To support data-driven decision making in response to the COVID-19 pandemic, a team made up of Cox’s Bazar public health and information management professionals, scientists and domain experts from UN Global Pulse, UNHCR Innovation, OCHA, and academics from Durham University and IBM/MIT are working to model the impact of possible public health operational interventions in the Cox’s Bazar settlement. In this blog they describe the what, the how and the impact of their work. In the coming weeks, the methodology and results will be detailed in a scientific report.
Working to create data-informed response scenarios to COVID-19
As COVID-19 continues to spread across continents, the world’s most vulnerable populations will be significantly affected and must not be left behind. Camps housing refugees and internally displaced persons (IDPs) often have to deal with overcrowding, insufficient sanitation facilities, and are constantly threatened by natural disasters like flooding.
The Cox’s Bazar refugee operation in Bangladesh raced to respond to the COVID-19 pandemic, with numerous measures being taken in the camps as early as two months before the first case was confirmed in May 2020. However, certain measures that have previously proven effective in slowing down the spread of the virus, including social distancing and household quarantine, are not always possible or easy to implement in such settings given the high population density and the sharing of shelters between multiple households.
Through modeling the spread of the virus in different scenarios, we can better determine what the most effective public health interventions and mitigation measures against COVID-19 are. As a team, we put our collective and multi-disciplinary expertise and skills at work to better understand, from a scientific perspective, how different types of interventions (e.g. wearing masks or new care delivery mechanisms) might best mitigate the spread of COVID-19 in these challenging contexts.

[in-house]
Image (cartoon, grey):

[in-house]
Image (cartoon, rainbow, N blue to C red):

‘SIR’ and ‘ABM’ models
Two of the most common mathematical approaches to modeling disease spread are compartmental models, such as Susceptible-Infected-Recovered (SIR) models, and agent-based models (ABMs). SIR models are commonly used and are based on mathematical equations describing the high-level dynamics of the epidemics based on national or sub-regional level statistics. They can also be relatively easily built and manipulated. Although SIR models can be helpful in informing and providing rapid insights to decision-makers, they are generally not designed to produce information based on geographically disaggregated, individual and group level dynamics. In contrast, an agent-based approach simulates the movement of people at the individual or group level, where interactions in specific physical locations, and between different groups of people, can be modeled precisely based on available data – imagine creating a virtual world. This approach can result in a better understanding of the geographical spread of the virus, and allows for the modeling of specific interventions, like closing a community center or enforcing mask-wearing at distribution centers
Innovation through co-creation
We’ve been simulating the effects of various interventions that could help the Cox’s Bazar refugee operation stay ahead of the pandemic using expertise from the ground. Our simulation takes an agent based approach (see Box 1) to simulate the movement of each of the almost 600,000 individuals in the Kutupalong-Batukhali Expansion Site region of the settlement (see Box 2) using publicly available data from the Humanitarian Data Exchange (HDX) programme, UNHCR Microdata, and WHO EWARS.
Over the past several months, there has been an increase in the spread of rumours and misinformation surrounding the virus. For example, one such rumour was that many individuals might be harmed or imprisoned if they were symptomatic and presented themselves for testing. While this information is false, it has serious implications for public health and the data being collected. Acknowledging that testing data might be incomplete, and the difficulty of getting precise estimates of the number of people in the settlement who might have contracted the virus, our team is simulating the potential efficacy of interventions, rather than attempting to predict highly accurate hospitalization or fatality rates, based on the idea of supporting data-driven decision making.